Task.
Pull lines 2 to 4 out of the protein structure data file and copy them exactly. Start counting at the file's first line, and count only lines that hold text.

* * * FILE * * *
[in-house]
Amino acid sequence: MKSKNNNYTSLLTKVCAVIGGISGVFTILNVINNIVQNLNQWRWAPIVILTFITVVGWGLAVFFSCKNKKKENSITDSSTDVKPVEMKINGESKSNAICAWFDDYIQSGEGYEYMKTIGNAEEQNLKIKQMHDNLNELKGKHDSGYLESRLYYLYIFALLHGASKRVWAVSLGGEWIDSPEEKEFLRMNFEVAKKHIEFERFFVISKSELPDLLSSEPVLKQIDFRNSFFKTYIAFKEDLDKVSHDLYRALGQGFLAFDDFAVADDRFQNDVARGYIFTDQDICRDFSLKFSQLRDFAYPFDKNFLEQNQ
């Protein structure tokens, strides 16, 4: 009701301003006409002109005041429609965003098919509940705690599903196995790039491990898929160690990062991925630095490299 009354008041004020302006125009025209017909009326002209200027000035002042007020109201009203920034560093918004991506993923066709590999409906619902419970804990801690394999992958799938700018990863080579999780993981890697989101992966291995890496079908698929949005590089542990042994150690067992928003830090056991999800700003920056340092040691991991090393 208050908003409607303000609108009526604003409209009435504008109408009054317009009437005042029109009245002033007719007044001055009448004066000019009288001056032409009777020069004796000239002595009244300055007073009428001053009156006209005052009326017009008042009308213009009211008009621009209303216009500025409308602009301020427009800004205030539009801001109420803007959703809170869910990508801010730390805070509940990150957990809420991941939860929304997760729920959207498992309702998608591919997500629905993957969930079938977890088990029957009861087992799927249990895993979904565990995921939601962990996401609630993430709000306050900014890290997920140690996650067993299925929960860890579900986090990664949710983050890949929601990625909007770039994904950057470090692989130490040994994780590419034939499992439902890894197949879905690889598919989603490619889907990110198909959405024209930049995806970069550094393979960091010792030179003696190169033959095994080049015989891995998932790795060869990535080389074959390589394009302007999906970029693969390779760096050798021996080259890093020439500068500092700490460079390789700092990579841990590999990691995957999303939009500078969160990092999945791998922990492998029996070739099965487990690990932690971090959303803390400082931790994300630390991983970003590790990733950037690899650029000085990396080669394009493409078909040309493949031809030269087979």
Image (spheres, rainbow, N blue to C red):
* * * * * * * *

Amino acid sequence: MKSKNNNYTSLLTKVCAVIGGISGVFTILNVINNIVQNLNQWRWAPIVILTFITVVGWGLAVFFSCKNKKKENSITDSSTDVKPVEMKINGESKSNAICAWFDDYIQSGEGYEYMKTIGNAEEQNLKIKQMHDNLNELKGKHDSGYLESRLYYLYIFALLHGASKRVWAVSLGGEWIDSPEEKEFLRMNFEVAKKHIEFERFFVISKSELPDLLSSEPVLKQIDFRNSFFKTYIAFKEDLDKVSHDLYRALGQGFLAFDDFAVADDRFQNDVARGYIFTDQDICRDFSLKFSQLRDFAYPFDKNFLEQNQ
């Protein structure tokens, strides 16, 4: 009701301003006409002109005041429609965003098919509940705690599903196995790039491990898929160690990062991925630095490299 009354008041004020302006125009025209017909009326002209200027000035002042007020109201009203920034560093918004991506993923066709590999409906619902419970804990801690394999992958799938700018990863080579999780993981890697989101992966291995890496079908698929949005590089542990042994150690067992928003830090056991999800700003920056340092040691991991090393 208050908003409607303000609108009526604003409209009435504008109408009054317009009437005042029109009245002033007719007044001055009448004066000019009288001056032409009777020069004796000239002595009244300055007073009428001053009156006209005052009326017009008042009308213009009211008009621009209303216009500025409308602009301020427009800004205030539009801001109420803007959703809170869910990508801010730390805070509940990150957990809420991941939860929304997760729920959207498992309702998608591919997500629905993957969930079938977890088990029957009861087992799927249990895993979904565990995921939601962990996401609630993430709000306050900014890290997920140690996650067993299925929960860890579900986090990664949710983050890949929601990625909007770039994904950057470090692989130490040994994780590419034939499992439902890894197949879905690889598919989603490619889907990110198909959405024209930049995806970069550094393979960091010792030179003696190169033959095994080049015989891995998932790795060869990535080389074959390589394009302007999906970029693969390779760096050798021996080259890093020439500068500092700490460079390789700092990579841990590999990691995957999303939009500078969160990092999945791998922990492998029996070739099965487990690990932690971090959303803390400082931790994300630390991983970003590790990733950037690899650029000085990396080669394009493409078909040309493949031809030269087979």
Image (spheres, rainbow, N blue to C red):